Presentation on theme: "Oxford University Hospitals NHS Trust Injectable medicines study day: Claire Waghorn Pharmacist."— Presentation transcript:
Oxford University Hospitals NHS Trust Injectable medicines study day: Claire Waghorn Pharmacist
Kinetics oral vs IV Stability and compatibility Information sources High risk medicines
Why do we use Injectable medicines? If the oral route is unsuitable e.g. NBM If medicines are destroyed by stomach acid e.g. insulin If medicines are not absorbed orally e.g. heparin If the IM route is inappropriate use IV medicines e.g. haemophilia Provides flexibility: To obtain high blood concentrations very quickly For a rapid, continuous response For a slow, continuous infusion, titrated according to response
Kinetics: oral dose vs. IV bolus Single IV bolus dose profile
Multiple daily dosing vs. infusions Multiple daily dosing at steady state
Kinetics: IV bolus + infusion Profile following a loading dose (bolus) and maintenance infusion
Relationship between plasma level & effect Therapeutic range = trough = peak
Stability of Injectable products After a medicine has been prepared, it starts to degrade. This results in by-products, which may be pharmacologically active, inactive or even toxic. Incompatible medicines may: Block venous access device Introduce an embolus These may reduce the effectiveness of treatment Minimise risks by: Adhere to compatibility information Prepare immediately before use Maximum expiry 24 hours after preparation
Mechanisms by which medicines degrade pH dependent reactions (acid-alkaline) Photo degradation (light) Concentration dependent precipitation Reaction with water (aqueous solutions) Absorption of medicine by components of drug delivery system
pH Dependent Degradation pH < 7: acidic pH > 7: alkaline Acidic and alkaline medicines or solutions may react with one another Glucose 5% = pH 4-5 Sodium chloride 0.9% = pH 7 Mix like pH with like pH
Photo-degradation Light is energy Promotes chemical reactions May result in degradation Light-sensitive medicines: brown ampoule for storage Usual effect is change in colour e.g. dobutamine turns pink. TPN cover bags to protect fat soluble vitamins Sodium Nitroprusside: Degrades to cyanide products on exposure to light Wrap infusion bag and giving set with foil provided
Emulsions Emulsions are very delicate balance of oil and water. Upsetting this balance can cause cracking or splitting. Identified by milky white appearance. PN, diazepam emulsion, fat soluble vitamins, propofol.
Concentration-dependent Precipitation Medicines often poorly soluble in aqueous solution Formulated as salts to increase solubility May require minimum volume of dilution e.g. cotrimoxazole: (75mL glucose 5% or 125ml sodium chloride 0.9% per 5mL ampoule) Precipitation possible at low temp (e.g. mannitol, 20% = supersaturated solution) Calcium salts, magnesium salts, avoid mixing with other medicines, especially phosphates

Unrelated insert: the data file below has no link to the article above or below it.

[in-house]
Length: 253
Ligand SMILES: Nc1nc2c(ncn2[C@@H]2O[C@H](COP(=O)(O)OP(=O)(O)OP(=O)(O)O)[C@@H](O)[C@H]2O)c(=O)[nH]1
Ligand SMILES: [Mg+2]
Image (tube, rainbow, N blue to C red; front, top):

Adsorption by delivery system Medicines may adsorb onto plastic, glass PVC main problem Insulin, glyceryl trinitrate, ciclosporin, isosorbide dinitrate Leeching of phthalate plasticisers (ciclosporin) Low sorption giving sets Non-PVC bags Short expiry times in PVC ?
What can you do to ensure that incompatibilities are avoided? Check if drugs are compatible with the infusion fluid and each other. Unless you have positive proof that they are do not give together. Ideally do not infuse drugs at the same time through the same venous access device. Where several drugs are given through the same device flush well with sodium chloride 0.9% (or glucose 5% if the injectable monograph advises) before, between and after administration to avoid mixing. If any obvious change occurs to a solution DO NOT ADMINISTER IT – ask the pharmacist for advice.
Information sources Local medicines administration procedures Injectable medicine monographs BNF Appendix 6: intravenous additives Product information leaflets (SPC) Clinical Pharmacist on ward Medicines Information department (Ext )
Pharmacy Intranet site
High alert medicines Increased risk of causing significant patient harm when used in error. Knowing which medicines are high alert – remind you to use additional safety strategies. Injectable examples: amiodarone, chemotherapy, vasoactive agents, heparin, opioids, insulin, opioids Three ways to safeguard therapy: 1. Reduce or eliminate errors e.g. training, ready to administer solution 2. Make errors visible e.g. independent double checks, bar coding 3. Minimise consequences of error e.g. monitoring, antidote prescribed and available.
National Patient Safety Agency Alerts March 2007 Promoting safer use of injectable medicines– competencies re: preparation, administration and monitoring of injectable medicines March 2007 – competence re: preparing and administering Heparin therapy
Nov 2010 Preventing fatalities from loading doses June 2010 Safer administration of insulin Feb 2010 Injectable medicines in theatres April 2008 Heparin flushes March 2007 Promoting the safer use of injectable medicines May 2006 High dose diamorphine and morphine October 2002 Potassium solutions: risks to patients from errors occurring during intravenous administration
High Alert Medicines Potassium Ampoules -Store in CD cupboard Max rate = 10-20mmol / hour Max peripheral concentration = 40mmol / litre Care with mixing Amiodarone Central administration if repeated doses Max concentration for dilution Phenytoin Cardiac monitoring Filter when administering as an infusion